At a divorce trial or hearing, a Judge typically does not ask many questions. In fact, a Judge doesn’t have to ask any questions. The attorneys are supposed to ask all the questions.
However, there are times that a Judge may ask a clarifying question. For example, if you are asked what you do for a living, and you answer “engineer”, the Judge may ask what kind of engineer or what an engineer does.
If there is a signed divorce agreement, then the Judge will probably do an allocution of the parties. An allocution is done so that the Judge knows that you entered into the divorce agreement on your own free will and that you fully understand the agreement. The Judge will ask a series of questions, some of which may include:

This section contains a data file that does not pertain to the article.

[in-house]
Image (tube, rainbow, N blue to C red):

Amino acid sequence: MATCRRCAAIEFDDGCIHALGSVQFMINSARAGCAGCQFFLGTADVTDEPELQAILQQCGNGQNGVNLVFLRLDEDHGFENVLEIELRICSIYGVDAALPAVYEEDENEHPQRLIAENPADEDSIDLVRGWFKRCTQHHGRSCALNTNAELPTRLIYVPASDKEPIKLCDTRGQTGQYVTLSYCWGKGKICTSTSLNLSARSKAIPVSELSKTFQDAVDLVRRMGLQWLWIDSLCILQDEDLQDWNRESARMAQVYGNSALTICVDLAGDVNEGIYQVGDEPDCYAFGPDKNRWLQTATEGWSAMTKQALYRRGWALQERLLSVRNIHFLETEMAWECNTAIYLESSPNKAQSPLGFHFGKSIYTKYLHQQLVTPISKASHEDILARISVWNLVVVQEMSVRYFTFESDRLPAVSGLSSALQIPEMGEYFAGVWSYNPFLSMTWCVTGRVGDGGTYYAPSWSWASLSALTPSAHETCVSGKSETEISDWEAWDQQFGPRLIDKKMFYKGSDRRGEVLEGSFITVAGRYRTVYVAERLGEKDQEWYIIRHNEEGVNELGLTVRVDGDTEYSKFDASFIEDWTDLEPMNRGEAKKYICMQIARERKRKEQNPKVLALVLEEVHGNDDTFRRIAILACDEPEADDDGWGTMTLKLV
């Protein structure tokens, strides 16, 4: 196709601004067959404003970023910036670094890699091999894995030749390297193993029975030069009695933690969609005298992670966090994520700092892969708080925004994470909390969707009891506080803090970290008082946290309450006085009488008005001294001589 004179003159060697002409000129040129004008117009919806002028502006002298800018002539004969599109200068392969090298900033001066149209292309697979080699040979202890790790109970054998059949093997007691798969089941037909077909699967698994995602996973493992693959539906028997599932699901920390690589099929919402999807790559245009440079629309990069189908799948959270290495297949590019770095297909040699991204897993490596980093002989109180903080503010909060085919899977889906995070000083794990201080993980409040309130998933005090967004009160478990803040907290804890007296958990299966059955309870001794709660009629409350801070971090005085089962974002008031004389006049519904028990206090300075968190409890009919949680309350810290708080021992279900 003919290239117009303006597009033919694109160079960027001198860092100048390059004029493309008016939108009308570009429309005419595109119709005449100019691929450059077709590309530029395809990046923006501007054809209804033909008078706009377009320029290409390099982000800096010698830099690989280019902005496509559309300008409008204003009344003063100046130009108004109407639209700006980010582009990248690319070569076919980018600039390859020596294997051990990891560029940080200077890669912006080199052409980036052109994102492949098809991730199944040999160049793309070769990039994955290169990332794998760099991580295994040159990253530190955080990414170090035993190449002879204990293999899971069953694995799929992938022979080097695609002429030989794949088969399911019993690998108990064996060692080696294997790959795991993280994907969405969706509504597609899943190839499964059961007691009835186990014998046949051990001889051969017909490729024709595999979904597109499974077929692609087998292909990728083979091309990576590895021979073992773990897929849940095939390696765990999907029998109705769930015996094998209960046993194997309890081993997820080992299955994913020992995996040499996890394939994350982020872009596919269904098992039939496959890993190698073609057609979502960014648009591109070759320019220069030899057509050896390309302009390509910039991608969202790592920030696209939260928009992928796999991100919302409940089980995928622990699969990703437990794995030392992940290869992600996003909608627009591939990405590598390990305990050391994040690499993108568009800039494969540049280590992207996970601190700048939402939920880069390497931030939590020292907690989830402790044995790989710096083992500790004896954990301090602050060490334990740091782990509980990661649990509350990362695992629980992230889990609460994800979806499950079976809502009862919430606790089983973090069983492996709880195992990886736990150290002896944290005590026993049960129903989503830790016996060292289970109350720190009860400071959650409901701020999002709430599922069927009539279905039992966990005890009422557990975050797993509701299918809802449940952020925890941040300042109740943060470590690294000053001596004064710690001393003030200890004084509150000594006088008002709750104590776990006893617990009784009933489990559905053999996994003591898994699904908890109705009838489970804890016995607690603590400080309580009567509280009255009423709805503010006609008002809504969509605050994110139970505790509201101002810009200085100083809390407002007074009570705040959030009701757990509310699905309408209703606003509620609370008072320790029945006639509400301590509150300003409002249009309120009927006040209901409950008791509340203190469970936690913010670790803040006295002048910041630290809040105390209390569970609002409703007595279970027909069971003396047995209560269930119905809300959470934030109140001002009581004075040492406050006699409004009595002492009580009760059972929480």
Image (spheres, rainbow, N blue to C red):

- Do you understand the agreement?
- Did anybody force you to sign the agreement?
- Did your attorney explain the agreement to you?
- Are you satisfied with the agreement?
- Are you currently under the influence of drugs/alcohol that would impair your ability to understand the agreement?
- Is that your true signature?
If you are just appearing for a court conference (and not a trial/hearing), especially in the beginning of your divorce, a Judge may ask you more questions. For example, the Judge may want to know: (i) if you have children; (ii) the children’s ages; (iii) if you own a house; (iv) if you have a mortgage; (iv) what you do for a living; and (v) your general income.
Divorce can be complicated, David Badanes and the Badanes Law Office can help you understand the process and guide you through it. David Badanes and the Badanes Law Office have represented countless clients and have achieved excellent results.
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